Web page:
General Warping Workflow

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General Warping Workflow

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Navigation:  Tools and Other Software > Warper > Warping Guide >

General Warping Workflow

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Setting up FFD control points and mesh segments

Before you start moving the control points you have to decide with how many FFD control points and mesh segments you should work. Please follow this link if you are not sure about the difference between FFD and mesh. The FFD count is set up via the File menu and the mesh count in the Mesh tab. The perfect amount depends on your screen surface and outline.
The more warping projects you have done, the faster you will be able to tell the best FFD and mesh count. If you are not sure in the beginning, simply make a guess and start warping. You will see quite fast, that you have picked too many or too less FFDs. Too many FFD points are not that bad, it might take more time during the FFD-phase but you could save time during the mesh-phase - at least if not way too many FFDs were picked. If you have picked too less FFD points you will notice that you will have to move mesh points at a very early stage of warping. This will definitely be more time-consuming than starting all over with a new mesh. In addition, it is easier to obtain a good quality mesh (as described below) with FFDs instead of offsetting single mesh points too far. If you want to, you can save the current project and have a quick look whether a new mesh with more FFDs does give you better results and eases your work. This can be found out in a few seconds but save minutes or even hours.

Example 1, a 4x3 FFD
A simply bend screen will go well with only 3 vertical FFD control points. Horizontally there needs to be done more warping, thus 4 FFDs work better. The more smooth the outline has to be, the more horizontal mesh segments you should take. In this case there are 20 mesh segments.
Example 2, a 6x3 FFD
Curved screens that are more complex will be easier to handle if you increase the amount of FFD control points. In this case there are 6 horizontal control points and still 3 vertical ones.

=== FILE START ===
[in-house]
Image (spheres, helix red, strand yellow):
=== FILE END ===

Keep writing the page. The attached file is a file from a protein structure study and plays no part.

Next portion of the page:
The curved outline of the mesh is the result by only moving the FFD control points.
Example 3, a 5x5 FFD
Spherical screens are bend in all directions. They require to increase the amount of vertical FFD points as well. In the depicted example a mesh with an 5x5 FFD is shown. If the projector looks straight on the equator, the mesh deformation will be quite homogenous and the FFD should look similar to the example.

The amount of mesh segments can be altered as long as working only with the FFD control points. As soon as a mesh point is moved, the amount should not be changed any more.
In general, the amount of mesh segments depends on how exact the warp needs to be. Firstly this is a question how complex or detailed the screen is, including the outline, as shown in the above example with the simply bend screen. If the screen is quite flat itself but has a very detailed outline, it could be a faster solution to create a mask instead of increasing the mesh count.

Secondly, it is important whether you are projecting with single projectors only, or if several projectors overlap each other. Within the softedge area the pixels from both projectors must overlay each other perfectly. This requires a higher mesh count. As a rule of thumb, at least 7 mesh segments should lie within the overlap area.

By the way, it could be helpful to work with mesh segments that have the same height as width. If your projector has an aspect ratio of 16:9, you could set up a mesh count of 16 by 9 during the FFD-phase and increase it to 32 by 18 or even 48 by 27 before starting the mesh-phase.

Deforming the FFD and mesh

A good quality mesh refers to a mesh where the mesh lines are uniformly distributed on the screen. For example, if the screen is 2m wide, and there are 20 horizontal mesh segments, each segment should be 10cm wide. If this is not achieved sufficiently, and you project text that moves across the screen, it would scroll unevenly. Wherever there are smaller distances between mesh lines, the text would be smaller too. Wherever there are larger meshes, the text is enlarged.